Key Elements of the First-Time Home Buyer Tax Credit:
The tax credit only applies to first-time home buyers. The law defines a first-time buyer as any buyer who has not owned a home within the previous three tax years. For married couples, the homeownership history of both individuals must meet this qualification.
The tax credit is only available for homes purchased between Jan. 1, 2009, and Dec. 1, 2009. For the purposes of this credit, the purchase date is the date when closing occurs and the title to the property transfers to the new home owner.
As long as the property is purchased by a qualified buyer for use as a principal residence, any type of home, including single-family detached homes, townhouses, condominiums and manufactured homes can qualify for the credit.
The tax credit does not have to be repaid provided that the buyers use the home as their principal residence for at least three years.
The full tax credit is only available for individuals with an adjusted gross income of up to $75,000 and for married couples with a combined adjusted gross income of up to $150,000. The tax credit phases out for anyone above those income thresholds.
The tax credit applies for up to 10 percent of the homes purchase price, with a maximum of $8,000. For example, a first-time buyer of a $50,000 home would be eligible for a tax credit of $5,000 while a buyer of a $150,000 home could receive a tax credit of a maximum of $8,000.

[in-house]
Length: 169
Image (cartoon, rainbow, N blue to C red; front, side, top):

The world has a fixed amount of natural resources - some of which are already depleted. So as population growth greatly strains our finite resources, there are fewer resources available. If we intend to leave our children and grandchildren with the same standard of living we have enjoyed, we must preserve the foundation of that standard of living.
Throwing away items that could be recycled diminishes energy, water and natural resources that could be saved by recycling.
Did you know...
For every ton of paper that is recycled, the following is saved: 7,000 gallons of water; 380 gallons of oil; and enough electricity to power an average house for six months.
You can run a TV for six hours on the amount of electricity that is saved by recycling one aluminum can.
By recycling just one glass bottle, you save enough electricity to power a 100-watt bulb for four hours.
The more we throw away, the more space we take up in landfills. When a landfill becomes a landfull, taxpayers have to build a new one. The less we throw away, the longer our landfills will last. The amount of taxpayer money we save by extending the longevity of our landfills is an important community benefit. (Information provided by: http://www.gogreeninitiative.org/content)